Feeds

Dolby wins licensing fees on BlackBerry, PlayBook

Lawyers successful in $15m RIM job

Top three mobile application threats

Dolby Laboratories has scored in the patent wars, winning "standard terms" from Research in Motion in two lawsuits over use of audio technologies.

RIM, maker of BlackBerrys and PlayBooks, will now pay licensing fees to Dolby, the company said, without disclosing the financial details of the arrangement. However, Dolby told analysts in a conference call last month it was looking at around $15m in back royalties from RIM, as well as interest income, according to Bloomberg.

"We are pleased to welcome RIM into Dolby's family of mobile technology licensees," Andy Sherman, executive VP and general counsel at Dolby, said in a statement. "We believe in and will continue to protect the value of our intellectual property."

Dolby had filed suit against RIM in the US and Germany in June over patents that cover High Efficiency Advanced Audio Coding, which allows quality playback of digital audio files that have been compressed to less than ten percent of their original size. Dolby said the standard was widely used in smartphones, music players, PCs and tablets and was being used without licence by RIM in its BlackBerrys and PlayBook.

The suits were dismissed in federal court in San Francisco today, after RIM signed a licensing agreement shortly after they were filed.

Dolby makes most of its money from licensing of its audio technologies to consumer electronics companies, including smartphone-makers like Apple, Nokia and Samsung. In the third quarter this year, its licensing revenue of $181m was around 83 per cent of total revenue.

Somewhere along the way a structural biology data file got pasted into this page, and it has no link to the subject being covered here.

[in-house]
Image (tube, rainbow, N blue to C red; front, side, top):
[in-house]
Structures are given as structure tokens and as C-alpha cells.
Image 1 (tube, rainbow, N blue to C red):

The patent wars in the lucrative smartphone market are reaching almost comic proportions, with big players like Apple and Samsung suing and counter-suing for all they're worth. The atmosphere of litigation has also been hitting app developers working with iPhones and Android handsets, despite the big boys trying to help them out. ®

3 Big data security analytics techniques

More from The Register

next story
Dropbox defends fantastically badly timed Condoleezza Rice appointment
'Nothing is going to change with Dr. Rice's appointment,' file sharer promises
Audio fans, prepare yourself for the Second Coming ... of Blu-ray
High Fidelity Pure Audio – is this what your ears have been waiting for?
Did a date calculation bug just cost hard-up Co-op Bank £110m?
And just when Brit banking org needs £400m to stay afloat
Sorry London, Europe's top tech city is Munich
New 'Atlas of ICT Activity' finds innovation isn't happening at Silicon Roundabout
MtGox chief Karpelès refuses to come to US for g-men's grilling
Bitcoin baron says he needs another lawyer for FinCEN chat
Zucker punched: Google gobbles Facebook-wooed Titan Aerospace
Up, up and away in my beautiful balloon flying broadband-bot
Apple DOMINATES the Valley, rakes in more profit than Google, HP, Intel, Cisco COMBINED
Cook & Co. also pay more taxes than those four worthies PLUS eBay and Oracle
prev story

Whitepapers

Designing a defence for mobile apps
In this whitepaper learn the various considerations for defending mobile applications; from the mobile application architecture itself to the myriad testing technologies needed to properly assess mobile applications risk.
3 Big data security analytics techniques
Applying these Big Data security analytics techniques can help you make your business safer by detecting attacks early, before significant damage is done.
Five 3D headsets to be won!
We were so impressed by the Durovis Dive headset we’ve asked the company to give some away to Reg readers.
The benefits of software based PBX
Why you should break free from your proprietary PBX and how to leverage your existing server hardware.
Securing web applications made simple and scalable
In this whitepaper learn how automated security testing can provide a simple and scalable way to protect your web applications.